Date of Award
Doctor of Philosophy (PhD)
H. Spencer Banzhaf
Paul J. Ferraro
John D. Gibson
This dissertation consists of three separate chapters using theory, simulation, empirical techniques, and also an experiment to address several questions relating to utilizing fossil fuel-based energy and its consequences on environment and society.
My first essay, titled “Endogenous Population Growth in a Macro Environmental Model,” simulated, based on U.S. calibrated data, the effect of utilizing clean energy vs. fossil fuel energy on long-run economic growth and its impact on the total welfare of the society. I present a dynamic growth model that explicitly allows for the interaction between an economy and an environment. I allow for endogenous population growth, where population is affected by living standards and level of industrialization as well as natural resources, indirectly through production. Endogenizing the population growth the growth rate of GDP per capita is lower under endogenous population scenario relative to exogenous population growth. Imposing carbon-tax element on the energy producers’ profit would accelerate the adaptation of the clean energy and sustain fossil fuel resources for a more extended period and would increase the individuals’ long-term total consumption.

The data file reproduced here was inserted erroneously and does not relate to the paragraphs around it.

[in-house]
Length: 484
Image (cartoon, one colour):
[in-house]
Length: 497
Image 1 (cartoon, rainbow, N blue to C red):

The second essay, titled “Having Skin in the Energy Game: The Impact of Social Norms on Energy Regime Changes.” In this paper, I present a survey study in an experimental field context that explores the social norms effect on petition signing, focusing on clean energy adaptation instead of fossil fuel energy. I use multiple energy consumption data at the national level for selected countries. This research highlights that not only social norms could be compelling individuals’ behavior, but also that they are sensitive to the types of information which are disclosed to them.
I develop my final essay, titled “Energy Fallout: Air Pollution Effects on Environmental and Social Externalities,” estimated the effect of different types of energy consumption on mortality rates and violent crimes. This study aims to estimate a reduced-form model that could explain and then verify the possible relation between crime rates and mortality rates that arise from the different energy regimes utilization in affected regions, using mechanism effect analysis; while air pollution and level of income are two channels of this causation analysis.
Farhidi, Faraz, "Essays in Environmental and Energy Economics." Dissertation, Georgia State University, 2018.